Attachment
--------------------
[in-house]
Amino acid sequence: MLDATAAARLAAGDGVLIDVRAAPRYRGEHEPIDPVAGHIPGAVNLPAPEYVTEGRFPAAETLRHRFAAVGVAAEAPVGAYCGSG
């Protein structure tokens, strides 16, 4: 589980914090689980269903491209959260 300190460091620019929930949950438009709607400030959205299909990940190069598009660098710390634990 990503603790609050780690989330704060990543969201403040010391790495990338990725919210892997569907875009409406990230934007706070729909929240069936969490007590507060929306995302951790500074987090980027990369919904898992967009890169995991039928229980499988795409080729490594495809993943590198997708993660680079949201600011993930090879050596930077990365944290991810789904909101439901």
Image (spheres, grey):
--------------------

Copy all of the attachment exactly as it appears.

[in-house]
Amino acid sequence: MLDATAAARLAAGDGVLIDVRAAPRYRGEHEPIDPVAGHIPGAVNLPAPEYVTEGRFPAAETLRHRFAAVGVAAEAPVGAYCGSG
């Protein structure tokens, strides 16, 4: 589980914090689980269903491209959260 300190460091620019929930949950438009709607400030959205299909990940190069598009660098710390634990 990503603790609050780690989330704060990543969201403040010391790495990338990725919210892997569907875009409406990230934007706070729909929240069936969490007590507060929306995302951790500074987090980027990369919904898992967009890169995991039928229980499988795409080729490594495809993943590198997708993660680079949201600011993930090879050596930077990365944290991810789904909101439901």
Image (spheres, grey):